by Anand Beharrylal
After the first decision of the High Court on the now infamous `Section 34′ there are still those who remain dissatisfied with the approach of the government and the now the courts. To most who have asked me about it, expressed an opinion and invited mine, I have been amazed at the complete lack of understanding that persists. Of course I recognise that the media frenzy, political disinformation and the Trinidadian desire for scandalous news has a great part to play, but it is truly saddening that only a few people have actually read Section 34. Those that have and then looked at the state of the criminal justice system appreciate not only the reasoning behind Section 34, but the profound need for it.
The criminal justice system in TT is creaking under the heavy load of cases that are pending in the courts, many for over 10 years and indeed longer. Both witnesses and defendants have long been awaiting their day in court and yet, despite their cases being called perhaps several times a month over many years, a trial is nowhere in sight. The majority of people affected by this have given up on the justice system and in many cases witnesses quite rightly wishing to move on with their lives move home, move abroad or just forget because they are fed up.
For the defendant (presumed innocent) the situation is arguably worse e.g. a man aged 20 alleged to have stolen a car, his case adjourned over and over until he now makes appearances in the courts aged in his 30s. He cannot get bail because he cannot afford to raise the ridiculously high surety set and his legal aid lawyers, chasing ever more important and lucrative briefs, return his case so many times he sees a fresh faced lawyer with irregularity and even more often no lawyer at all. The car of course is now scrap metal the alleged victim having bought many cars since and has long forgotten of the theft of his car 10 years before.
Worse still is TT’s main criminal scourge, particularly since 2002, being violent crime characterised by murder, rape, kidnapping, gun crime and of course, drug related crime. In this regard the population has rightly called for this type of crime to be prioritised and relentlessly pursued. Indeed this was a main reason for a change of government in 2010.
Now enter Section 34 which was intended to prioritise these very offences within 2 years of a new government. The offences that would have been de-prioritised were the non-frightening, non-violent, non-sexual and non-drug related cases, but only after a period of 10 years due to delay in these cases getting through the justice system. I ask rhetorically, where the resources of any state are necessarily limited and the demand on the resources are unlimited, are tough legislative decisions like Section 34 designed specifically to address the most pressing social problems wrong? Most right thinking people I have explained all of this to agree with the laudable objectives of Section 34 and expressed a desire for all of this to be explained in TT. Regrettably, explanations by Minister Volney and others got lost in the sensationalist media coverage. This was a tragedy and the repeal of Section 34 as a desperately needed piece of legislation to prioritise enforcement against violent crime has been lost to political meandering.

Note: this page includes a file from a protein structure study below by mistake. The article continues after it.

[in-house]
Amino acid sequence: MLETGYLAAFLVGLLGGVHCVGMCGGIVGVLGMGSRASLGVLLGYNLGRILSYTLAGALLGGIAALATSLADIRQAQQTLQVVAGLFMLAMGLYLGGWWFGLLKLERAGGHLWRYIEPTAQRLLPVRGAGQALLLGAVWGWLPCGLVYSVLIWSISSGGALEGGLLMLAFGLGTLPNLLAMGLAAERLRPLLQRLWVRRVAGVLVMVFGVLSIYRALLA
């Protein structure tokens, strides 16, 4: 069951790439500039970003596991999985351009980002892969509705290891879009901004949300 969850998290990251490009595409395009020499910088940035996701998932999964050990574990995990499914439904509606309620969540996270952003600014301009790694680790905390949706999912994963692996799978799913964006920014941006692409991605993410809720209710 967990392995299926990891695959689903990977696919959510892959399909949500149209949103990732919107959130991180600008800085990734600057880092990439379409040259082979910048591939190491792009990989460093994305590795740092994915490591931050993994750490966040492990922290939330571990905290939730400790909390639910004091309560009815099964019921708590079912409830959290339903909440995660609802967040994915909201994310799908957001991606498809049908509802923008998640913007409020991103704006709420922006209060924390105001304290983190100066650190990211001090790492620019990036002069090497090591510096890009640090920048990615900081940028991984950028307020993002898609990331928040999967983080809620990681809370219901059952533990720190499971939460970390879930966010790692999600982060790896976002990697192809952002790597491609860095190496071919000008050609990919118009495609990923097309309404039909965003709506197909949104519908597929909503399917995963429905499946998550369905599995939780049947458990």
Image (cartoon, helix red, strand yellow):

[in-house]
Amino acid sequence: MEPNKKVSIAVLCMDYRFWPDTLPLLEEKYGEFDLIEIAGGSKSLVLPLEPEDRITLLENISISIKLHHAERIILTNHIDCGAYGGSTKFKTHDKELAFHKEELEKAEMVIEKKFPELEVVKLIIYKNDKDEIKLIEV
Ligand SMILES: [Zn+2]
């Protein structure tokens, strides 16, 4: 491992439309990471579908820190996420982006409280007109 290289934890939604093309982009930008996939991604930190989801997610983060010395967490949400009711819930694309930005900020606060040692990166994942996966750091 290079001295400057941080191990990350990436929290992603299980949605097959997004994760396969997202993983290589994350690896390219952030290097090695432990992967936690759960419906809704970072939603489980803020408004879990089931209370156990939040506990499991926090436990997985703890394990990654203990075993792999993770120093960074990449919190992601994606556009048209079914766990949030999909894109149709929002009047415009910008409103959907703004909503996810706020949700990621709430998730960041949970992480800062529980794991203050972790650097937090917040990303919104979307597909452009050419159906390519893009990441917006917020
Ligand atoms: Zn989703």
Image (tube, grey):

For the opposition this must have been a masterstroke for not only have they succeeded in forcing a government u-turn, they have done so by portraying a much needed piece of legislation in TT as a law to improperly help specific people, when nowhere in Section 34 did it so provide. If this was really the concern about the legislation the opposition, being mindful of the wider benefits of Section 34, would not have voted for it. Alternatively, they would have proposed an amendment with an upper limit for white-collar crime to be included in Schedule 6 to preserve ongoing cases instead of a total repeal. On other hand, if the opposition genuinely did not notice the text or impact of Section 34 then it is the clearest evidence that as an opposition it is not fit for government. After all an opposition that sleeps on the job, missing legislation when legislative oversight is its primary function is not even fit for Parliament.
Whilst I credit the government for acting expeditiously, unlike governments of the past, when I foresee the consequences for the people of TT I am firmly of the view that this knee jerk reaction to the opposition’s political manoeuvring was wrong. Governing is not like opposition, it requires tough decisions to be made and the political will to see them through. This was what made the late British Prime Minister Margaret Thatcher the greatest post-war leader of her age. As she said “Yes, the medicine is harsh, but the patient requires it in order to live. Should we withhold the medicine? No. We are not wrong. We did not seek election and win in order to manage the decline of a great nation.” TT could be a great nation and Section 34 would have gone a long way in bringing to trial those alleged murderers, rapists and drug dealers making the criminal justice work and be seen to work. For the victims of these crimes the inevitable consequence of delay for them is not simply justice delayed, it is justice denied. That is the true consequence of the repeal of Section 34.